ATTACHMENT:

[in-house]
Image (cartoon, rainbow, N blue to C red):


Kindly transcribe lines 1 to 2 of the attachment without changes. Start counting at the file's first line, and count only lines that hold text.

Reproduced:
[in-house]
Image (cartoon, rainbow, N blue to C red):